Why I Changed My Attitude About Illness From 'Why Me?' to 'Why Not Me?'


Ever had that kind of week where everything that could go wrong did?

Not only did I sprain my ankle for the third time this summer, but things at work got “interesting” and I had some personal drama. Hit after hit just kept coming. I kept wondering, why, on top of dealing with my chronic illness, was everything else going down the drain? Essentially feeling sorry for myself and asking “why me” to the universe.

 

I know I’m not the only chronically ill person who gets stuck in this mindset.

It happens – we are humans, who deal with more than our fair share of difficulties, most invisible to typical people. People don’t peg me as someone who is struggling on most days, because I can be really good at putting on a front. I was ready to throw it in though as my own self was getting in the way of my mental well-being.

But I had a moment during that rough week where my mindset shifted. I was about to pull out of an event, afraid of failing because of the week I had been having. Someone asked me during that time if the “why me” attitude was productive. After some contemplation, I realized it wasn’t. My illness has robbed me of a lot, but it shouldn’t rob me of my self-worth too. I am not defined by my illness.

I shifted my focus to the event. It was a big risk for someone with Ehlers-Danlos syndrome – my trainer and father had convinced me to swim in the ocean for a race. Why couldn’t I swim in the race and do well? Yes, dislocations were a risk, but I had trained really hard to be careful to avoid them in my swimming. Why not me be the one to swim in the ocean for the first time and do well? (I did really well.)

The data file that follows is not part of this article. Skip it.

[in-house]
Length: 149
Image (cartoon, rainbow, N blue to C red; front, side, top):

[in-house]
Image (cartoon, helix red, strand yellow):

I have a huge interview coming up – why not me to be the one to get the job? Why not me to be one of the first persons with a connective tissue disorder to compete in open water swims? (I’m looking at swimming across Chesapeake Bay next season.) Why not me to be as successful as my classmates in graduate school this fall?

Just because I have this illness doesn’t mean I have to limit my expectations of myself. Physically, some things may never be possible for me, but I’m done yearning for what I can’t do and can’t have. No more of “why me” and much more of being empowered by thinking, “Why not me?”

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Thinkstock photo via microgen.

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